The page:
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  1. Martha I. Gibson (2011). A Revolution in Method, Kant's “Copernican Hypothesis”, and the Necessity of Natural Laws. Kant-Studien 102 (1):1-21.
    In an effort to account for our a priori knowledge of synthetic necessary truths, Kant proposes to extend the successful method used in mathematics and the natural sciences to metaphysics. In this paper, a uniform account of that method is proposed and the particular contribution of the ‘Copernican hypothesis’ to our knowledge of necessary truths is explained. It is argued that, though the necessity of the truths is in a way owing to the object's relation to our cognition, the truths (...)
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  2. Martha I. Gibson (2008). Truth and Predication. Philosophy and Phenomenological Research 76 (1):215–219.
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  3. Martha I. Gibson (2004). From Naming to Saying: The Unity of the Proposition. Wiley-Blackwell.
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  4. Martha I. Gibson (1998). The Unity of the Sentence and the Connection of Causes. Philosophy and Phenomenological Research 58 (4):827-845.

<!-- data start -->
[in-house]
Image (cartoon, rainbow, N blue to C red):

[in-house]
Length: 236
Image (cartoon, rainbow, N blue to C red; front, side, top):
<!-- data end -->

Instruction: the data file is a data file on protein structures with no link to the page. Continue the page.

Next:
This paper attempts a solution to the classical problem of predication, "the unity of the sentence": how, instead of merely listing the several things they designate, the parts of the sentence combine to represent something as being the case. While this capacity of a sequence of terms to "say some single thing" is standardly attributed to the distinct function of `subject' and `predicate' terms, these functional differences need explaining. Here, they are traced to the distinctive, asymmetrical causal explanation of the (...)
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  5. Martha I. Gibson (1996). Asymmetric Dependencies, Ideal Conditions, and Meaning. Philosophical Psychology 9 (2):235-59.
    Jerry Fodor has proposed a causal theory of meaning based on the notion of a certain asymmetric dependency between the causes of a symbol's tokens. This theory is held to be an improvement on Dennis Stampe's causal theory of meaning and Fred Dretske's information theoretic account, because it allegedly solves what Fodor calls the “disjunction problem”, and does so without recourse to the kind of optimal (ideal) conditions to which Stampe and Dretske appeal. A series of counterexamples is proposed to (...)
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  6. Martha I. Gibson (1995). Reference and Unity in Kant's Theory of Judgment. Canadian Journal of Philosophy 25 (2):229 - 256.
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  7. Dennis W. Stampe & Martha I. Gibson (1992). Of One's Own Free Will. Philosophy and Phenomenological Research 52 (3):529 - 556.
  8. Martha I. Gibson (1990). Response to Stampe. Social Theory and Practice 16 (3):467-475.
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